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Mutations in the NLRP3 (CIAS1) Gene Cause CAPS

Need a Genetic Test Panel for Autoinflammatory Diseases? Read Our saidsupport.org blog post and download genetic testing pdf to share with your doctor.

CAPS diseases are associated with mutations or misspellings in the Nucleotide-binding domain, leucine rich family (NLR), pyrin containing 3 gene (NLRP3) also known as the Cold-Induced Auto inflammatory Syndrome 1 (CIAS1 ) gene. It is also referred to as the NALP3 or PYPAF1 gene in some literature.

NLRP3 encodes cryopyrin, which belongs to an emerging family of danger sensors, called NLRs (NOD-like receptors). When triggered by a danger signal, cryopyrin assembles with other molecules to coordinate an inflammatory response that leads to increased Interleukin-1ß (IL-1ß) production to help fight off infections. This sensing and coordinating unit is called an "inflammasome."

A mutation of the NLRP3 gene causes the cryopyrin inflammasome to constantly overproduce IL-1ß instead of producing IL-1ß only in response to infections. This overproduction of IL-1ß causes many CAPS symptoms to be present at birth or in early infancy, and persist or increase throughout life.

Rashes, fevers, joint pain, headaches, conjunctivitis and many other symptoms are noted with CAPS. The NLRP3 (CIAS1) genetic mutation is autosomal dominant, so only one misspelled gene is needed in a person's DNA to cause CAPS. Misspellings of the NLRP3 gene can occur spontaneously at conception, as is often the case with NOMID/CINCA, and some with MWS. But in FCAS and most with MWS, the gene mutation is usually passed down by one affected parent for many generations.

There is a 50% chance that a parent with CAPS will pass the NLRP3 gene mutation onto their child. The dominant NLRP3 mutation DOES NOT require two parents to have the mutation to pass the syndrome genetically to their offspring - only one person with the mutation can cause CAPS to be passed on the next generation. Most families with CAPS usually have FCAS or MWS, and share common symptoms or severity, but sometimes there can be a variable level of expression of CAPS symptoms within large family groups with the CIAS1 gene mutation. ANY patient with a CAPS mutation (including NOMID) can pass it on genetically to their offspring.

NLRP3 (CIAS1) gene mutations are present in most patients with FCAS or MWS, but in the past, 40% of patients that had clinical symptoms typical of NOMID did not have detectable NLRP3 mutations on genetic tests. However, new research, and improved genetic testing methods have now made it possible to find NLRP3 mutations in most of these patients.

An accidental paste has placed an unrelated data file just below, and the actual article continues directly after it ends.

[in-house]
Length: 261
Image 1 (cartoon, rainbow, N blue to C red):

A clinical diagnosis based on symptoms still is essential. The proper diagnosis of CAPS should include genetic testing for NLRP3 (CIAS1) and other auto inflammatory disorders, along with a full evaluation of symptoms, lab tests, a skin biopsy, and a complete medical history from birth onwards. Genetic tests for other auto inflammatory disorders may also be helpful in diagnosis.

In recent years, some researchers have found cases of somatic mosaicism of the NLRP3 (CIAS1) gene mutation in many cases of NOMID/CINCA that had been previously found to have the clinical findings for these syndromes, without evidence of the genetic mutation on the standard genetic tests.

In most cases of CAPS, or other diseases caused by mutations or misspelling of gene, a person has only one set of DNA in their body, and that DNA is present in all their tissues. A very small number of people have somatic mosaicism, meaning that in their body they have more than one distinct DNA code for their body.

Somatic mosaicism of the NLRP3 (CIAS1) gene occurs either right after the fertilized egg (zygote) has divided into two cells, or at any stage later in early cellular development of an individual. During cellular division, the cell divides differently, creating more than one distinct form of DNA. So, when that cell divided, one set of DNA became different than the original cell's DNA. If a genetic mutation happens during this process, such as with the NLRP3 (CIAS1) gene, a person could have some DNA carrying a mutation for CAPS in their body, and other cells with different DNA that does not have that gene mutation. Individuals with somatic mosaicism can have two, or more different, and distinct DNA codes in their body that can be widespread throughout all the tissues and organs, or in some cases, there may be certain DNA codes in some tissues, and a different DNA code present in other tissues or organs in the body. So a person with somatic mosaicism may have different "penetrance" of the amount of DNA in the tissues in their body that contains the NLRP3 (CIAS1 mutation, instead of every cell having the same DNA and the gene mutation in all tissues

This is a very exciting finding This article in the journal DNA Research was published on January 24, 2012 that details the new findings and testing methods for somatic mosaicism of the NLRP3 (CIAS1.

More information on CAPS genetics can be found in the Reference Section.

This is a very informative video titled 'Adventures in the Genomics of Inflammation" presented by Dr Dan Kastner that discusses the genetics of autoinflammatory diseases, including CAPS.